Luxury auto racing’s Monaco Grand Prix is set to be axed

article It won’t be long before you can watch Formula One races from the principality of Monaco or Estoril, Portugal, again. According to the Daily Star, the Monaco Grand Prix is set to be…

Luxury auto racing’s Monaco Grand Prix is set to be axed

article

It won’t be long before you can watch Formula One races from the principality of Monaco or Estoril, Portugal, again. According to the Daily Star, the Monaco Grand Prix is set to be axed from its traditional three-day format in 2022.

Director of Commercial Operations Sean Bratches told the newspaper in a leaked email that a three-day event would become a more common practice in the future, with a meeting of the Strategy Group likely to be held in May to discuss the future of F1’s principal event.

Monaco is expected to be eliminated from the 2020 edition as part of a broader revamp aimed at stemming dwindling audiences. Although the two-week event continued to be a massive draw, less than half of the attendance last year was made up of spectators, making Monaco a commercial failure on a financial level.

“We do not envision the traditional three days as the new norm for the Grand Prix, but we will review how to structure the championship over time to optimize its impact,” Bratches said.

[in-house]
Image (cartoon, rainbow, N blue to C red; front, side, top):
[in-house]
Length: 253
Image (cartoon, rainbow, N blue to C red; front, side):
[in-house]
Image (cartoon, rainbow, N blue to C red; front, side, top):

“The much larger and growing fan base across four days, especially in the heart of Europe and the U.S., supports a three-day format, and we will look to increase fan access to it.”

During the Thursday-to-Sunday period in May, the Grand Prix will join the more traditional programs in Monaco and Mexico, an event that will now be cut to just two days.

However, Mexico has long looked unlikely to stay on the program. The country’s main problems include a perceived lack of financial support from the local government, the high cost of hosting events and the world’s top-rung appeal of Austin, Texas, the home of the U.S. Grand Prix.

The American auto racing giant also wants to put its stamp on an event that’s already a national favorite in other areas.

“The door remains open for Mexico City,” Bratches told the Daily Star. “The property remains available and we would be open to reviewing opportunities for Mexican fans.”

Beyond the reduction of Monaco and Mexico, F1 will also look to reduce its additional two-day races in Azerbaijan and a new race in Abu Dhabi. Bahrain’s Formula One future is also a mystery as the country seeks to continue with F1 after the most recent race was canceled after violent clashes between protestors and police.

Read the full report at The Daily Star.

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